And, anyway, if these stridulating nonentities really want to make their conspiracy theory interesting, they need to fill in the cracks better. No Oxfordian has yet convincingly responded to the “stylometry” problem, for instance. If they were really on their game, however, they would argue that this merely exposes another conspiracy hitherto unsuspected, and that the works commonly attributed to Oxford are clearly products of another hand. I propose Francis Bacon. As for the inevitable discovery of similar incompatibilities between Bacon’s style and “Oxford’s,” one need only argue that, of course, “Bacon’s” works were really written by someone else altogether. As for who this might have been, the answer seems obvious: William Shakespeare of Stratford Upon Avon, who it turns out was a far more cunning and mysterious figure than any of us ever suspected…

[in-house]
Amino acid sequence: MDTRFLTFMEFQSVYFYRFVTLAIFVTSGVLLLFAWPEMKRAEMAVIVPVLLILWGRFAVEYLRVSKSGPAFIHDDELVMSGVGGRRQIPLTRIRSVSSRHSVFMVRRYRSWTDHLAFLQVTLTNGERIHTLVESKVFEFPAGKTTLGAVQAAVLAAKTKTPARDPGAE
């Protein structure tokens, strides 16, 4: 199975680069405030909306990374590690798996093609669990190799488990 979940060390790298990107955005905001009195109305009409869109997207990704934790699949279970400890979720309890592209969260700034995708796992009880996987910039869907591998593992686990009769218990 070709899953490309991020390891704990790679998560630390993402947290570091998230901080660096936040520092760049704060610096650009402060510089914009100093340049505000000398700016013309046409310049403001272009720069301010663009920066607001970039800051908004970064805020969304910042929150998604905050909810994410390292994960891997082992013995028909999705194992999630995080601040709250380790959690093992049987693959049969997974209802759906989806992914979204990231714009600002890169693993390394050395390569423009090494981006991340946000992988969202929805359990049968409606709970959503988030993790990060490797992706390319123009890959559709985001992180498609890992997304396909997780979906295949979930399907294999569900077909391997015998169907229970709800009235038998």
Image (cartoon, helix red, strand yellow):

Sobran liked to pretend that he possessed so profound an “expertise” in Elizabethan and Jacobean literature (about which he knew very little) that he could all but infallibly detect the voice of Oxford in Shakespeare’s plays, just as he could detect the voice of “Shakespeare” in Oxford’s verse. The countless “parallels” Sobran claimed in Alias Shakespeare to have found in the two men’s work are either nothing more than common turns of phrase from the period in which they wrote or mirages generated by Sobran’s eerily tin ear and pedestrian sensibility. An amusing demonstration of the fraudulence of Sobran’s claims comes in an appendix of his book, where he reproduces the entire corpus of Oxford’s few extant uncontested poems from Steven W. May’s The Elizabethan Courtier Poets, in order to mark out a large collection of resemblances he thinks can be identified between “Shakespeare” and Oxford. Alas, Sobran failed to pay attention to Mays’s admirable critical apparatus. As a result, he accidentally reproduced a poem by Thomas Churchyard—another court poetaster—to whose end Oxford had added a dozen lines, mistaking Oxford for the author of the entire piece. Moreover, in the sixteen lines written by Churchyard, Sobran claims to discover sixteen parallels with the works of Shakespeare. That is a far higher rate of resemblances, per line of verse, than he “discovers” anywhere in Oxford’s authentic poems. This is hilarious, of course. It is also typical of the quality of Oxfordian “scholarship.”